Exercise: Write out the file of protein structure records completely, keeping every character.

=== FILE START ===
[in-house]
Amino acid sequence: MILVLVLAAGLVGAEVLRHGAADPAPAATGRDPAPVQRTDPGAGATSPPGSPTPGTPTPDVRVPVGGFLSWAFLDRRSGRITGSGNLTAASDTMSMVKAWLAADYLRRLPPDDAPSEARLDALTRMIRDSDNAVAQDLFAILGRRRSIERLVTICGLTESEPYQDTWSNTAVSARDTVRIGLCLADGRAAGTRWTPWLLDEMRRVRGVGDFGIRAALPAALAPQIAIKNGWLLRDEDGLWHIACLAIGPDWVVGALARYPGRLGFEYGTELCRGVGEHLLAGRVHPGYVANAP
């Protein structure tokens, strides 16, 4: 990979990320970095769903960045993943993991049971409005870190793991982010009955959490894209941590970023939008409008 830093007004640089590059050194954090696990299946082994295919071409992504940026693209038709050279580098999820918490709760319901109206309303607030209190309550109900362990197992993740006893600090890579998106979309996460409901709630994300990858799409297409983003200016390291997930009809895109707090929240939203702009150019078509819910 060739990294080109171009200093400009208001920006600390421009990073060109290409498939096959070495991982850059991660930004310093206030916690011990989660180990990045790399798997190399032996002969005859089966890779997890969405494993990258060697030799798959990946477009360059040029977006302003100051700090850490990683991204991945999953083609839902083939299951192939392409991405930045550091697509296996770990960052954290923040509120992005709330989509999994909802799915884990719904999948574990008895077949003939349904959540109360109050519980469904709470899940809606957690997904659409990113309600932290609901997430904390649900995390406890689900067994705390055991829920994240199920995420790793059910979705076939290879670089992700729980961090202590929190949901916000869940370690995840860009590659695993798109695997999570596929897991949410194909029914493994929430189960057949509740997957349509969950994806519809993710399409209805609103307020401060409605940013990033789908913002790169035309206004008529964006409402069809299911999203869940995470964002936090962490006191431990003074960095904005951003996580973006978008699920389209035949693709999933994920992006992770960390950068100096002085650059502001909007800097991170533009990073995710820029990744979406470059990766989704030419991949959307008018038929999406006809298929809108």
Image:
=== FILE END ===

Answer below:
[in-house]
Amino acid sequence: MILVLVLAAGLVGAEVLRHGAADPAPAATGRDPAPVQRTDPGAGATSPPGSPTPGTPTPDVRVPVGGFLSWAFLDRRSGRITGSGNLTAASDTMSMVKAWLAADYLRRLPPDDAPSEARLDALTRMIRDSDNAVAQDLFAILGRRRSIERLVTICGLTESEPYQDTWSNTAVSARDTVRIGLCLADGRAAGTRWTPWLLDEMRRVRGVGDFGIRAALPAALAPQIAIKNGWLLRDEDGLWHIACLAIGPDWVVGALARYPGRLGFEYGTELCRGVGEHLLAGRVHPGYVANAP
């Protein structure tokens, strides 16, 4: 990979990320970095769903960045993943993991049971409005870190793991982010009955959490894209941590970023939008409008 830093007004640089590059050194954090696990299946082994295919071409992504940026693209038709050279580098999820918490709760319901109206309303607030209190309550109900362990197992993740006893600090890579998106979309996460409901709630994300990858799409297409983003200016390291997930009809895109707090929240939203702009150019078509819910 060739990294080109171009200093400009208001920006600390421009990073060109290409498939096959070495991982850059991660930004310093206030916690011990989660180990990045790399798997190399032996002969005859089966890779997890969405494993990258060697030799798959990946477009360059040029977006302003100051700090850490990683991204991945999953083609839902083939299951192939392409991405930045550091697509296996770990960052954290923040509120992005709330989509999994909802799915884990719904999948574990008895077949003939349904959540109360109050519980469904709470899940809606957690997904659409990113309600932290609901997430904390649900995390406890689900067994705390055991829920994240199920995420790793059910979705076939290879670089992700729980961090202590929190949901916000869940370690995840860009590659695993798109695997999570596929897991949410194909029914493994929430189960057949509740997957349509969950994806519809993710399409209805609103307020401060409605940013990033789908913002790169035309206004008529964006409402069809299911999203869940995470964002936090962490006191431990003074960095904005951003996580973006978008699920389209035949693709999933994920992006992770960390950068100096002085650059502001909007800097991170533009990073995710820029990744979406470059990766989704030419991949959307008018038929999406006809298929809108």
Image: